Review by Karen Topham, American Theatre Critics Association member; photos by David Hagen.
One must never place a loaded rifle on the stage if it isn’t going to go off. –Anton Chekhov
In Leave Me Alone, a modern retelling of Chekhov’s Ivanov, the notion of Chekhov’s gun isn’t just a device; it’s a full-blown storytelling technique. The gun (a pistol) makes its first appearance at the very beginning of the play, in the possession of the unhappy man who will eventually use it. As the play progresses, the gun continually resurfaces, as if he is constantly thinking about it. Playwright Paul Michael Thomson and director Matt Bowdren make no effort whatsoever to hide or disguise their foreshadowing; it is about as overt as anything I’ve ever seen. But its very repetition works in its favor: though no one ever comments about the gun, every single cast member handles it before the play comes to its inevitable conclusion. It is a powerful and dramatic symbol.
It also serves to extinguish a lot of the animus we might otherwise have felt toward the play’s protagonist, Nikolas Ivanov. Punctuated by quotations about suicide recited by actors in time-outs during scenes, Leave Me Alone asks us to consider how a person gets so lost in the first place. And it offers no easy answers. The depressed Ivanov is by his own admission not a nice person, a man who would cheat on his dying wife and who would schedule his next wedding on the exact anniversary of her death. Ordinarily, the audience would be predisposed to detest such a man—that certainly is the case for his Chekhovian predecessor—but here, each time we come close something occurs to mitigate things. (Someone else acts worse than he does or he does something noble like trying to spare his lover the curse of being with him.) Even the most powerful voice against him, his wife Anna’s doctor who actually calls him “evil,” is mitigated by her obvious hatred of him from the start. In love with Anna, she cannot be objective about someone who shows no passion in losing her.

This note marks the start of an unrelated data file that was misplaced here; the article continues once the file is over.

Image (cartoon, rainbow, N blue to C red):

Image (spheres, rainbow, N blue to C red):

Yet, as Allison Bechdel told us, “grief takes many forms, including the absence of grief.” Ivanov’s very lack of compassion for his wife may well, ironically, be an indication of how much he grieves her upcoming death. Though there is no denying that he mistreats her, and the script pulls no punches about how awful that is, we’ve seen him struggling with a suicidal depression from the get-go; we know the state of his mind. And if we didn’t, those many quotations and that repeated image of the gun would certainly inform us.
The performances that Bowdren gets from his excellent cast are uniformly wonderful. Sean Gallagher stars as the fading politician with serious money troubles at the play’s center. (More than once he is called out for falling conveniently “out of love” with Anna (Brenna Welsh) once her potential inheritance was cut off, and we know he owes his benefactor Aida Lebedev’s bank a small fortune. Still, it is never really clear that the accusations are correct.) Gallagher’s performance is fraught with a powerful depressive energy that even manages to cut through the times he gets very emotional (angry or in love) and furthers the inevitability of his character’s downfall. As Anna, Welsh spends a lot of the play high on a ladder (standing in for her lonely upstairs room), but when she comes down sparks instant empathy with her touching characterization.
All of the actors are equally capable in this production. Most notable among them is Ayanna Bria Bakari’s Dr. Love, who is so infatuated with Anna that she considers Ivanov a monster from the outset; Jordan Dell Harris as new love interest Sam Lebedev (the play’s tagline is “like Anton Chekhov’s Ivanov, but gayer), who acts as a voice of reason to self-destructive Nik; Michael Kingston as the boisterous and politically incorrect Uncle Matt, an old-school politician who has acted as Nik’s mentor; Gaby Moldovan as MB, Ivanov’s cousin, campaign manager, and conscience; and Nicole Laurenzi as Aida. Other cast members include Randolph Johnson as Paul Lebedev, Chelsea Turner as Babs, and Sarah Bartley as Gabrielle. Jake Sorgen’s original compositions and Lucy Whipp’s lighting design help Bowdren move in and out of various moments beautifully.
I asked my husband what he thought of this play and he said, “It was sort of brilliant.” I agree. Carefully constructed and wonderfully acted, Leave Me Alone is one of those little gems that deserves to find an audience. The Story Theatre has, in its inaugural production, entered the crowded Chicago theatre scene with a quite literal bang. Here’s hoping they stick around awhile.
Leave Me Alone is a Story Theatre production now playing at Heartland Cafe, 7000 N. Glenwood, Chicago, until August 12. Performance times may vary; check the website at The Story Theatre. Find more information about current plays on our Current Shows page and at theatreinchicago.com.